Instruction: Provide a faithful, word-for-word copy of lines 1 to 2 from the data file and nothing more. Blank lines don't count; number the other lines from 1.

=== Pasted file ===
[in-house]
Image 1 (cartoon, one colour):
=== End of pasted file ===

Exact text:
[in-house]
Image 1 (cartoon, one colour):